U.S., Russia 'close' on new nuclear arms treaty
A day before the long-standing U.S. nuclear arms treaty with Russia was due to expire in December, White House spokesman Robert Gibbs told reporters that the presidents of the two countries had spoken that morning.
"In the event that we don't finish or conclude negotiations, which seem unlikely to be concluded in the next 24 hours, there will be a joint statement from the two presidents," Gibbs announced.
"The statement is out. The Kremlin has already gone out with a statement," a reporter piped up.
A flustered Gibbs repeated that a statement would be issued if a deal couldn't be reached. But an hour later, the White House sent out a statement from both presidents, expressing their commitment to continue talks.
This week, the Russians appeared to catch the White House off guard again. An unnamed spokesman declared Wednesday that the United States and Russia had reached a deal on a new arms reduction treaty and that "all documents related to the new treaty have been agreed upon."
Gibbs would say only that the two sides are "close" to an agreement.
President Obama and President Dmitry Medvedev are slated to talk Friday to conclude the deal.
For a White House that prides itself on communication discipline and strategic precision, both jump-the-gun moments by the Russians had to be frustrating.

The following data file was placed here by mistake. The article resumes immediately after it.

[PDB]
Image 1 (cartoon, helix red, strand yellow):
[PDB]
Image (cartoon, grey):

"They like to control the message," said one lobbyist who is in close contact with senior White House officials on the subject of arms control. "That's good for them because it means they control the message. But they can only walk and chew gum so much."
White House officials were preparing for a Friday announcement, said the lobbyist, who spoke on the condition of anonymity because the agreement had not been formally acknowledged.
"These guys have to get their talking points, their background papers; they have to line up their experts," the lobbyist said. "It's a situation where some Russian diplomat spoke a day earlier than he was supposed to."
Coordination on communications strategy appears not to be high on the priority list for the Russians. But both governments have found it difficult to corral others on behalf of a particular rollout plan.
Hints of an agreement had leaked earlier Wednesday, when the Czech foreign ministry confirmed that it had been asked -- and had agreed -- to host a signing ceremony in Prague in early April.
Once the agreement is officially announced and the treaty is signed, the political focus in the United States will shift to the Senate. The likelihood of the treaty's ratification there could depend on the political environment in Washington.
Sen. John McCain (Ariz.), a key Republican voice on foreign policy, said this week there would be no GOP cooperation on anything in Congress because the Obama White House had "poisoned the well" with its health-care effort.
McCain later backed off that statement, telling the Hill newspaper, "If it's in the national interest and there's something that requires us to work together -- a national emergency, something that we think will help the country -- sure."
Whether McCain and his fellow Republican senators, including Jon Kyl (Ariz.) and Richard G. Lugar (Ind.), agree to work with the administration toward ratification could help decide if the treaty becomes a reality.